Nurazzo - Terrazzo tiles

Discussion in 'Ceramic and Stone Q&A' started by JWDAL, Oct 12, 2017.

  1. JWDAL

    JWDAL New Member

    I have approx 650 sq ft of slate installed over a pier and beam foundation. I want to replace it with a product I found named Nurazzo. It's a terrazzo tile with the same ingredients of a poured in place terrazzo. I called the company and they said any experienced tile installer can put it in but I'd like to find someone with some experience using the product. The rep in my area gave me a couple of names but they're commercial.

    I've had the slate for over 15 years and it's been pretty good. The guy put Hardiebacker down over the subfloor. He told me that it provided strength but I don't think that's true. I think it's mostly used for a water barrier in wet areas. Over the years I've had some grout cracking and a couple of tiles popping off, due to some subfloor movement I guess.

    If I replace the slate, I think the old Hardiebacker needs to be removed. I don't know if I need to do any reinforcement of the subfloor or not. I don't know if this project is even feasible. I am looking for someone in the Dallas area who could give me some advice.
     
  2. Incognito

    Incognito No more Mr. Nice Guy! I Support TFP Senior Member

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    Terrazzo tiles can be installed as if they were ceramic/stone into thin set over a SECURE substrate or they can be installed into acryllic adhesive similar to resilient tiles----again, the key will be to ensure a SECURE substrate. That means little to no movement/deflection when we're working with a wood structure.

    I'd recommend tearing out all the existing slate and Hardibacker down to the subfloor. Depending on your joists/posts/beams/subfloor system you will need to install UNDERLAYMENT GRADE plywood over the subfloor of sufficient thickness------possibly two layers to prevent the terrazzo from cracking like your slate did.

    I've installed many thousands of square feet-------all commercial projects on concrete slabs (Actually just a handful of jobs but compared to residential work it's a lot of footag.). We use various adhesives depending on manufacturer's or architectual specifications. It's a very nice material. With adhesive rather than thin set you don't use grout. To me that looks 100% better than the jobs I've see that were grouted. Either way it's a nice floor. I just believe grout kills the effect of terrazzo that I assume you are after.
     
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  3. Mike Antonetti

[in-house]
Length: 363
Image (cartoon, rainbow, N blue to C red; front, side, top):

Mike Antonetti I Support TFP Senior Member

    Hardibacker is not for strength. It is not for water barrier. It is to provide a surface to bond to.

    Grout cracking is due to movement. Loose tile is probably more movement. Installed incorrectly it can continue. Expansion joints probably were not installed for the tile.

    I'm sure there are great consultants in Dallas. I'm not a fan of Terrazzo squares. Maybe because it's a poured product but then cut in pieces.

    I'd probably find an NTCA five star contractor and see if the slate is worth repairing. Not sure if they want to repair someone else's subpar work.
     
  4. Kman

    Kman Tile Expert I Support TFP Senior Member Published

    There are a number of reasons why your slate and grout are cracking. Almost none of them are repairable.

    The pier-and-beam construction, like we see on the left coast, is capable of handling ceramic tile, but typically not natural stone. You likely have 2x material, hopefully tongue and groove and in good shape, over the 48" centered joists. If that's the case, you can add a layer of 1/2" (or thicker) plywood, properly installed, before adding a tile substrate and ceramic tile.

    As for what's there now, if you're in luck the previous installer did a hack job, allowing a very easy demolition. Hardibacker is supposed to be set in mortar, but if I were going to be tearing it out, I'd be praying that the previous installer worked for cheap and was ignorant about proper methods, and screwed or nailed it down without anything underneath.

    Bottom line, you really can't tell how it was installed until you start tearing it out. Praying for the crappy install <fingers crossed>.
     
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